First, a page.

The UBIT Rules and the Self Directed IRA
In general, when it comes to using a Self Directed IRA to make investments most investments are exempt from federal income tax. This is because an IRA is exempt from tax pursuant to Internal Revenue Code 408 and Section 512 of the Internal Revenue Codes exempt most forms of investment income generated by an IRA from taxation. Some examples of exempt type of income include: interest from loans, dividends, annuities, royalties, most rentals from real estate, and gains/losses from the sale of real estate.
However, the IRS enacted a set of rules in the 1950s in order to prevent charities and later IRAs from engaging in an active trade or business and, thus, having an unfair advantage because of their tax-exempt status. These rules can be found under Internal Revenue Code Sections 511-514 and have become known as the Unrelated Business Taxable Income rules or UBTI or UBIT. If the UBTI rules are triggered, the income generated from that activities will generally be subject to a 35% tax. Note – an IRA investing in an active trade or business using a C Corporation will not trigger the UBTI tax.
The UBTI generally applies to the taxable income of “any unrelated trade or business…regularly carried on” by an organization subject to the tax. The regulations separately treat three aspects of the quoted words—“trade or business,” “regularly carried on,” and “unrelated.”
Trade or Business: In defining “unrelated trade or business,” the regulations start with the concept of “trade or business” as used by Internal Revenue Code Section 162, which allows deductions for expenses paid or incurred “in carrying on any trade or business.” Although Internal Revenue Code Section 162 is a natural starting point, the case law under that provision does little to clarify the issues. Because expenses incurred by individuals in profit-oriented activities not amounting to a trade or business are deductible under Internal Revenue Code Section 212, it is rarely necessary to decide whether an activity conducted for profit is a trade or business. The few cases on the issue under Internal Revenue Code Section 162 generally limit the term “trade or business” to profit-oriented endeavors involving regular activity by the taxpayer.
Regularly Carried On: The UBIT only applies to income of an unrelated trade or business that is “regularly carried on” by an organization. Whether a trade or business is regularly carried on is determined in light of the underlying objective to reach activities competitive with taxable businesses. The requirement thus is met by activities that “manifest a frequency and continuity, and are pursued in a manner generally similar to comparable commercial activities of nonexempt organizations.” Short-term activities are exempted if comparable commercial activities of private enterprises are usually conducted on a year-round basis (e.g., a sandwich stand operated by an exempt organization at a state fair), but a seasonal activity is considered regularly carried on if its commercial counterparts also operate seasonally (e.g., a horse racing track). Intermittent activities are similarly compared with their commercial rivals and are ordinarily exempt if conducted without the promotional efforts typical of commercial endeavors. Moreover, if an enterprise is conducted primarily for beneficiaries of an organization's exempt activities (e.g., a student bookstore), casual sales to outsiders are ordinarily not a “regular” trade or business.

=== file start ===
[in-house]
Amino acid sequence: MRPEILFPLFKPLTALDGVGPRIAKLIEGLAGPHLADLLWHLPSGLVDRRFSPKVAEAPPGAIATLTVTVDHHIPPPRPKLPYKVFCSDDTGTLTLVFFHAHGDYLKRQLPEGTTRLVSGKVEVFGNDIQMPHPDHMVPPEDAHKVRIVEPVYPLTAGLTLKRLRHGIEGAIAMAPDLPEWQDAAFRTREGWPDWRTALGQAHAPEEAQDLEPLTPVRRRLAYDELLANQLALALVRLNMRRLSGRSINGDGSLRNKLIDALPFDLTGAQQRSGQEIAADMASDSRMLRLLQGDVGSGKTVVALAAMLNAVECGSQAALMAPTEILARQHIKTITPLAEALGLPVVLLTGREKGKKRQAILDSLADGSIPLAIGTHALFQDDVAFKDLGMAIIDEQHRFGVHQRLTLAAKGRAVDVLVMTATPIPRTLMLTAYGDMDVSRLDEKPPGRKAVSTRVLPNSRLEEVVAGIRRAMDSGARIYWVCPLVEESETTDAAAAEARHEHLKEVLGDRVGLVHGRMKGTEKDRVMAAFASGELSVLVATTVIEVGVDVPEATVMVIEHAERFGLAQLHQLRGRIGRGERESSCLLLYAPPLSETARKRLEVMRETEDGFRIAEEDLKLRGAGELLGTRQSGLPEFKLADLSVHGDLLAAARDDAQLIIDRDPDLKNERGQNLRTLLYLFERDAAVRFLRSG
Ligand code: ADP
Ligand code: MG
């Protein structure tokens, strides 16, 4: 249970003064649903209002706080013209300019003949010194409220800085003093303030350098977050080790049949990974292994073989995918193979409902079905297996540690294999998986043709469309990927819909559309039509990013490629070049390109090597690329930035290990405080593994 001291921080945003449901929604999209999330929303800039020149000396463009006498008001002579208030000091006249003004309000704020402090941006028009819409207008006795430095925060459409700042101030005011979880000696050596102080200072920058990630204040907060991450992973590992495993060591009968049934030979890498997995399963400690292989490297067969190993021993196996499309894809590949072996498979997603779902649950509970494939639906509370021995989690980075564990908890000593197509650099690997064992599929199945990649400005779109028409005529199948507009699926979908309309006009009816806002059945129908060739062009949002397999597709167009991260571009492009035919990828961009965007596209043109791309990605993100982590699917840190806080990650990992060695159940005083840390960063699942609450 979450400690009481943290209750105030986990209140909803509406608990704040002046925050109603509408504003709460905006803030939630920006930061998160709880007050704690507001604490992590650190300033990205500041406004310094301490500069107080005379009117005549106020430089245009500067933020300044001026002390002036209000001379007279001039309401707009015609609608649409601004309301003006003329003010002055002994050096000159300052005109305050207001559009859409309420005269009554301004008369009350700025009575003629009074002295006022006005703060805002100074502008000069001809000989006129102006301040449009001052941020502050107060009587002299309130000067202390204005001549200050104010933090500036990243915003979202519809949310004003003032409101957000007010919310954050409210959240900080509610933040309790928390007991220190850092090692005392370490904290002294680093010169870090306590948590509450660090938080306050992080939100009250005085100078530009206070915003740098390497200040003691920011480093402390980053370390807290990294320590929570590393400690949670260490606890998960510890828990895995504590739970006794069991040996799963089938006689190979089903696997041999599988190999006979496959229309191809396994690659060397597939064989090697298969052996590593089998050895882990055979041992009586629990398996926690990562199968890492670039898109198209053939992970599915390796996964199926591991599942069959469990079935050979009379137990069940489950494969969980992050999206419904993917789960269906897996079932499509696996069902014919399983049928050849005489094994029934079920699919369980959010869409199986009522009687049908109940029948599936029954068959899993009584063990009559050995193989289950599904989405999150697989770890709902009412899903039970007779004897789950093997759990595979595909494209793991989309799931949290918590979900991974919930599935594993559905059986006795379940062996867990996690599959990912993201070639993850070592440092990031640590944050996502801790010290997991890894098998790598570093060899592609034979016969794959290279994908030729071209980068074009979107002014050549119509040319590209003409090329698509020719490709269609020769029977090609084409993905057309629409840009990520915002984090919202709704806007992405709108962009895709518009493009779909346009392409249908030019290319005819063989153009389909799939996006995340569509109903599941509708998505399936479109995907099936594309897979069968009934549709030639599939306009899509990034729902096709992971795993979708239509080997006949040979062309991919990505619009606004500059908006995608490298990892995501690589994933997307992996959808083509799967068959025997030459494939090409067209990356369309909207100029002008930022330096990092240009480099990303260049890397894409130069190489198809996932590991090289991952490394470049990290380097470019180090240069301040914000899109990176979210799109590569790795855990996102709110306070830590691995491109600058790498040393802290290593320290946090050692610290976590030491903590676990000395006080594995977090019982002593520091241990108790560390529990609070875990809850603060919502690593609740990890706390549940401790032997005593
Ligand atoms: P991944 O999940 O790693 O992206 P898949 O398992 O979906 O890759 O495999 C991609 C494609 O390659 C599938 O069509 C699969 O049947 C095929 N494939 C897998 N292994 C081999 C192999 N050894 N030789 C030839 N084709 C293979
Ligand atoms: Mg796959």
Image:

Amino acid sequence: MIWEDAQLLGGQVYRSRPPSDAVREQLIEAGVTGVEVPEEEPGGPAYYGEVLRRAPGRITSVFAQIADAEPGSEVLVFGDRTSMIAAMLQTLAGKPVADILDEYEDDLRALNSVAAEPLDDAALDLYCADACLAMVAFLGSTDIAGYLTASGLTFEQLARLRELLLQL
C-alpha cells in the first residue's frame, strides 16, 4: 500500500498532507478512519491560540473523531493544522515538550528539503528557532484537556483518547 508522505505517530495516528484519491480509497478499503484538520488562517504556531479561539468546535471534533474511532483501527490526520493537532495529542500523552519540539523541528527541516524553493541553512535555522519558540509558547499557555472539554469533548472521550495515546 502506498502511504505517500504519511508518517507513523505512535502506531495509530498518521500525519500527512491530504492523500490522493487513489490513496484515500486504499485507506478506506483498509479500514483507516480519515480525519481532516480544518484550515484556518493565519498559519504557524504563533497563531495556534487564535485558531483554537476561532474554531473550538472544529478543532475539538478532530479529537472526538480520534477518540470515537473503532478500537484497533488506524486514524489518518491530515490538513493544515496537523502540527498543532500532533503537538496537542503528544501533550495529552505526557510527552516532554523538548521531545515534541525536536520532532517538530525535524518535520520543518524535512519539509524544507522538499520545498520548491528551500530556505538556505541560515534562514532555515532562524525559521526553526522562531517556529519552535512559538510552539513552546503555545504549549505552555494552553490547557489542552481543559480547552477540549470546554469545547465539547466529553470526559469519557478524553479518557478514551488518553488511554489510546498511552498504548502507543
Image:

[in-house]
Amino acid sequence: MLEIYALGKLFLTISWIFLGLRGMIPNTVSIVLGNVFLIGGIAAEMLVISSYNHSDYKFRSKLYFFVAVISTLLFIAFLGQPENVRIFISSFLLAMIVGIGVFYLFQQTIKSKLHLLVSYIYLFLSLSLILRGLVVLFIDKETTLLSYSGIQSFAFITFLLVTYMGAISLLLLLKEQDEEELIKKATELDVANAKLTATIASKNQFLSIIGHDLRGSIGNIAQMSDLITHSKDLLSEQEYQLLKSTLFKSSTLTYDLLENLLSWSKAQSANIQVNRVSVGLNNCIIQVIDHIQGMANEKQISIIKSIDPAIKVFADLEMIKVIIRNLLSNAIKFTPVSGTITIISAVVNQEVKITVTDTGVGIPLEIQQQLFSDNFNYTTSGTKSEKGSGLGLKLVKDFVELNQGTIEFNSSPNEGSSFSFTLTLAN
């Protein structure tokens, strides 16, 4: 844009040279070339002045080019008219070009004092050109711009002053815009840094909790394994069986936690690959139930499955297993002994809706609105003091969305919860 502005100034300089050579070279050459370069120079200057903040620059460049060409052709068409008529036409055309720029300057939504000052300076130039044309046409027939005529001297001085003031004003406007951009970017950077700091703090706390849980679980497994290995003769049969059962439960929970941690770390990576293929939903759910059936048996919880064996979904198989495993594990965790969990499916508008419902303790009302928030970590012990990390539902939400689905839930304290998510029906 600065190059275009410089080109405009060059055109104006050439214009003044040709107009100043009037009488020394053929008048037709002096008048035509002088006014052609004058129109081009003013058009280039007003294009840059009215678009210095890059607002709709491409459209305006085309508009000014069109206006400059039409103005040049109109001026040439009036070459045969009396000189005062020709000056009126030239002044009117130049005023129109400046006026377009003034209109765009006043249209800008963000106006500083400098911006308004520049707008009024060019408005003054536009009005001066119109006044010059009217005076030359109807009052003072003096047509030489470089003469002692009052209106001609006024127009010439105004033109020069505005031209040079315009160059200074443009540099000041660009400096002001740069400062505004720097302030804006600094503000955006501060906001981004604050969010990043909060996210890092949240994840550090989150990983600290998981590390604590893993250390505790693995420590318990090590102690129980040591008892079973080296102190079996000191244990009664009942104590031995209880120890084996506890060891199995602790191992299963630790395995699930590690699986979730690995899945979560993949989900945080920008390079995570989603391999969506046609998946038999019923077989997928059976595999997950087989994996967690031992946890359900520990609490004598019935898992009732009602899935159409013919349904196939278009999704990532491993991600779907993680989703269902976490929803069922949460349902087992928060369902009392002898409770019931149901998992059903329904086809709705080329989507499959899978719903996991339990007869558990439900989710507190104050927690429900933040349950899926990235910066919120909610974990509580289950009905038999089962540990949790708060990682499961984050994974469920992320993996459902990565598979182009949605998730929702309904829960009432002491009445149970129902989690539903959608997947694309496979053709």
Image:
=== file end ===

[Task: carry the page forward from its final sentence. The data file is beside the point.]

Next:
Before it can be determined whether an activity is seasonal or intermittent, the relevant activity must be identified and quantified, a step that is often troublesome.
The type of income that generally could subject a Self Directed IRA to UBTI or UBIT is income generated from the following sources:
- Income from the operations of an active trade or business – i.e. a restaurant, gas station, store, etc
- Business income generated via a passthrough entity, such as an LLC or partnership
- Using a nonrecourse loan to purchase a property
- Using margin on a stock purchase